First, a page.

Sabres’ Dan Bylsma and Patrick Kaleta have a pretty interesting relationship

Patrick Kaleta has an odd relationship with Dan Bylsma, but he's impressing his new head coach nonetheless.
Kevin Hoffman-USA TODAY Sports

Agitator Patrick Kaleta is pretty good at his job. His job isn’t to score goals, it’s not to win face offs, he’s not even responsible for setting up his team mates with passes. His job is to, well, agitate.

New Buffalo Sabres head coach Dan Bylsma coached against Kaleta from 2008 to 2014. And to say Kaleta didn’t get on Bylsma’s nerves may be a bit of an understatement.

"I have a hard time not wanting to kill him," Bylsma said. "I’ve told him that."

Kaleta is skating with the Sabres at training camp under a professional tryout contract. The 29-year-old forward signed an AHL contract with the Sabres during the offseason. Kaleta has played in 348 games for the Sabres, recording 27 goals, 27 assists and 542 penalty minutes. Kaleta has been suspended numerous times throughout his career for illegal hits, and even a couple of head-butts.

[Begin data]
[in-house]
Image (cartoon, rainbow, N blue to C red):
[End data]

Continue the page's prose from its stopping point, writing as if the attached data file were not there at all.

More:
But even though Kaleta’s head coach wants to premeditatedly murder him, Kaleta is still catching Bylsma’s eye, and he is having a great camp.

"When you go into a season and look at contracts and you try to put people with those contracts into situations, we don’t have a lot of opportunity," Bylsma said. "But I think as a veteran and as a guy in Pat’s shoes you have to come out and do exactly what he’s doing in camp, which is play his style, play his game."

The Sabres currently have over $8.5 million in cap space, according to General Fanager, with 16 forwards on the roster. Money is not the issue for the Sabres, but finding a consistent roster spot for Kaleta might be. And while the top-six forwards for the Sabres is shaping up nicely, there are several candidates that could fit within the Sabres’ bottom-six forward grouping. And virtually all can produce more offensively than Kaleta.

The Sabres have a decision to make: Do they go with a little bit more skill within their bottom six, or do they utilize a dying breed within their fourth line, an NHL enforcer?

 

(h/t The Score)